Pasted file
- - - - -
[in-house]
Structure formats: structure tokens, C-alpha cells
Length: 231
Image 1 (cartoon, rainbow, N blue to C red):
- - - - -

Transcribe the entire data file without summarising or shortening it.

[in-house]
Structure formats: structure tokens, C-alpha cells
Length: 231
Image 1 (cartoon, rainbow, N blue to C red):